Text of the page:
The Biden family faces increasing scrutiny as allegations of misconduct come to light.
Newly-appointed House Speaker Mike Johnson emphasized the importance of adhering to the Constitution and the rule of law.
He expressed his commitment to ensuring that the impeachment inquiry into President Biden is conducted without any political bias.
Johnson conveyed his dedication to transparency, stating his eagerness to share the findings with the American public in the coming weeks.
He emphasized the need to let the evidence speak for itself, rather than being influenced by political agendas.
When asked about the possibility of subpoenaing Hunter Biden, Johnson indicated that the option was under consideration.
However, he clarified that a final decision had not been reached. Former House Speaker Kevin McCarthy had previously hinted at the same, suggesting that the timing needed to be right.
McCarthy highlighted the importance of strategy in the investigation. He emphasized the need to base actions on facts rather than external pressures. He also mentioned the significance of bank records in guiding the inquiry's direction.
Both Hunter Biden and his father, President Joe Biden, are under the lens for alleged questionable business practices, Fox News reported.
Johnson reiterated the commitment of House Republicans to uncover the truth. He expressed his belief that the evidence gathered so far might confirm some of the worst suspicions.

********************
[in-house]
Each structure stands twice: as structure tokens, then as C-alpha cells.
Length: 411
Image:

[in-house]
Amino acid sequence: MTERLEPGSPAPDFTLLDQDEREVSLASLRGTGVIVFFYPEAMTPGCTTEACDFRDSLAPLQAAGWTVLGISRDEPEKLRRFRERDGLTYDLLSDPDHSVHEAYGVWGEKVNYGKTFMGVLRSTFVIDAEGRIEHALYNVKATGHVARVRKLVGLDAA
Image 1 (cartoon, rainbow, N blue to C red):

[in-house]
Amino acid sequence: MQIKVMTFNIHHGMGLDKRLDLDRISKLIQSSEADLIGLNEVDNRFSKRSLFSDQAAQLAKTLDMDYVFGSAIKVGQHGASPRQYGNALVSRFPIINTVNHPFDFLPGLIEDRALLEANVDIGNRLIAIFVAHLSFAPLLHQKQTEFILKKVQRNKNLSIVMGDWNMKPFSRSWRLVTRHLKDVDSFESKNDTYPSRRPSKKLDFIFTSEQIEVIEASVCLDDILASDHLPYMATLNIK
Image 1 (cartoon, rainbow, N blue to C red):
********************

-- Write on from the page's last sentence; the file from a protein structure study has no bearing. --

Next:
Johnson quoted Jamie Comer, emphasizing the reliability of bank records as evidence. He suggested that the evidence they already possess is helping connect the dots in the investigation.
Further, Johnson touched upon other significant issues during his discussion. He spoke about support for Israel, the rise of antisemitism on U.S. college campuses, and government spending concerns.
Johnson highlighted the upcoming November 17 budget deadline. He expressed his openness to a short-term stopgap funding measure that would extend until January 15. He believes this would help navigate the end-of-year pressures and avoid rushed decisions.
He criticized the Senate's tendency to pressure the House into accepting omnibus spending bills. Johnson expressed his preference for single-subject bills and separate appropriations bills.
He believes that extending the funding measure into January would aid in this approach.